Presenting at India conference was ‘thrill of a lifetime’ for BGSU professorWritten by Jay Hathaway | | email@example.com
A Bowling Green State University professor recently returned from a trip to India, where he gave presentations about American pop culture, heavy metal and — the Kardashians.
Matthew Donahue, professor of popular culture at BGSU, flew to Hyderabad, India, in March to speak at a conference at the University of Hyderabad, “Teaching and Researching American Literary and Cultural Studies.” The invitation came after Donahue met Pramod Nayar from the University of Hyderabad’s English department and the two connected over discussions of American popular culture.
“The India trip was the thrill of a lifetime,” Donahue said. “It was a long flight. Hyderabad is quite a large campus, and we spent some time walking the campus. I met some participants in the conference, who were close to getting their PhDs or were new PhDs, and also some researchers.”
Donahue was immediately fascinated by how receptive the students and professors were to learning more about American life.
“It was an awesome experience,” he said. “It was very reaffirming to know that there is such an interest in American culture and popular culture. A lot of them had a strong background in American literature as well.”
The first day of the conference focused on American popular culture in general, and the role that it plays in Americans’ daily lives.
“I wanted to express to them that America should not be judged on what that they see on television shows like the Kardashians or ‘Jersey Shore,’” Donahue said. “It’s much deeper than that. There’s a whole other part of American popular culture that they are not exposed to. For me, being a socially and politically conscious artist, it is very frustrating seeing the Kardashians as cultural representatives. Those people are slobs, and that’s not every day America. Most Americans don’t live like that.”
Donahue added that fictional shows like “The Simpsons” are probably more representative of America than reality shows like “Jersey Shore.”
“‘The Simpsons’ are actually very popular in India, so they were very receptive to that idea,” he said.
For the second day, Donahue presented some techniques he uses when teaching about American popular culture, such as something he calls “Project M.I.R.S.H.” – analyzing myths, icons, rituals, stereotypes and heroes.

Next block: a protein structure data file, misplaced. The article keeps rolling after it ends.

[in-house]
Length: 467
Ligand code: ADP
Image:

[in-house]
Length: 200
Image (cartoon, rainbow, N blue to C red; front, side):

“It’s a way to sort of break down a topic that’s a lot more palatable for people than some of this highfalutin theory routine, which I think, frankly, a lot of academic types do to put themselves above other people.”
Donahue also talked about his own research on folklore and oral history, as well as his own creative works in art, music and video. He then tied this in to his research on heavy metal T-shirts. Donahue has studied the heavy metal T-shirt as a pop culture phenomenon in its own right, and has presented his research in Calgary, Alberta and BGSU’s heavy metal conference last month.
“They were very interested in that because heavy metal music is also very popular in India,” Donahue said.
The third and final day was about the roles of music and film in American culture, and breaking down these different genres using the M.I.R.S.H. method.
Donahue, the only American at the conference, also met with representatives from the U.S. consulate in Hyderabad, who expressed their thanks and gratitude for his participation.
After the conference, Donahue was taken on a tour of Hyderabad’s city center by a group of graduate students. He noted that there were not a lot of westerners in Hyderabad, so many residents there were curious about his presence. During this time, he discovered several differences between life in India and the U.S.
“There’s more of a sense of order here in America, from my observation. Travelling by road, it was sort of controlled chaos. There were water buffaloes, taxis, motorcycles, motorcycle taxis and they were all trying to go in the same direction.”
Nayar, along with fellow Hyderabad English professor Anne Currian, hosted Donahue, and is considering options for him to return for a longer period of time, to visit other universities. Donahue was excited about the possibility of making a more extensive return trip.
“Here I am, from Northwest Ohio, kind of middle of nowhere to some degree, and going over to India, where there was sort of a similar universal consciousness going on, or at least an attempt at a universal consciousness. It was very reaffirming, and that’s what I try to achieve in my teaching and my work. These kinds of visits are what win the hearts and minds of the people, not military action. It helps to break stereotypes.”